It is likely that having gone through glasses or contacts to see clearly, you often fantasize about life without them. Then you’ve probably stumbled upon LASIK and considered whether you would be a good candidate for the procedure. Since LASIK is an elective procedure and not a medical necessity, making this choice is crucial.

First, consider that contact lenses or glasses are vision correction alternatives with their own risks. It would be best to weigh the potential risks and benefits to decide the best course for your vision correction needs. The eye doctor's advice is crucial because he/she will determine whether or not you are a suitable candidate.


LASIK: What Is It?


LASIK, or laser-assisted in situ keratomileusis, uses a laser to reshape the cornea and treat various vision issues. These include myopia, hyperopia, and astigmatism. Although it can transform many lives, not everyone is a good candidate. Here is why this is so.


Eye Conditions


Some eye conditions, like glaucoma, cataracts, and keratoconus, may preclude a person from being a good candidate. Before considering this procedure, it is best to seek treatment for these conditions because they can affect the cornea's stability.


Immune Disorders


Some immune conditions, like lupus and rheumatoid arthritis, may preclude a person from being a good candidate. These ailments may slow the healing process and raise the possibility of complications.




People under 18 should avoid LASIK because their eyes are still developing. Also, the condition of your eyes may alter as you age, which could impact the procedure's outcomes.


Persistent Dry Eye


Chronic dry eye, a condition where the eyes do not produce enough tears, can have its symptoms exacerbated by LASIK. You may not be a good candidate if you have chronic dry eyes.


Pregnancy and Breastfeeding

Accurate measurements for the LASIK procedure can be challenging due to hormonal changes that can occur during pregnancy and breastfeeding. This can affect the stability of the cornea. Women should take at least three months after giving birth before having LASIK.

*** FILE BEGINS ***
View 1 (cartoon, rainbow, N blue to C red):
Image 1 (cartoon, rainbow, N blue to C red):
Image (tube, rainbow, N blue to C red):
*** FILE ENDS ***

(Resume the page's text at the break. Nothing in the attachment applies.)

Thin Corneas


The LASIK procedure involves making a flap in the cornea. Some people may not be good candidates if their corneas are too thin because there may not be enough tissue to form a flap.


Unstable Prescription


The procedure might not be a good choice if your prescription changes within the last 12 months. Before thinking about LASIK, it is best to have a stable prescription for at least a year.


Large Pupils


Large pupils may preclude you from being a good candidate for LASIK. The procedure can result in glare and halos, especially in low light.


Workplace or Recreational Hazards


People who participate in contact sports or work in environments where they are at risk of eye injury may not be good candidates for LASIK. The cornea may become weaker after the procedure, making it more susceptible to damage.


Unrealistic Expectations


It is critical to have reasonable expectations for LASIK results. Although the procedure can significantly improve vision, it may not fix all vision issues. The procedure is not a good option if you have exaggerated expectations.




Not everyone makes a good candidate. So, discussing your unique situation with an eye doctor is crucial before deciding whether LASIK is the best vision correction option. Keep in mind that you have other options if it is not suitable for you.

For more on LASIK surgery, visit Grin Eye Care at our Kansas City, Missouri, Olathe, or Leawood, Kansas offices. Call (816) 333-8600 or (913) 829-5511 to schedule an appointment today.

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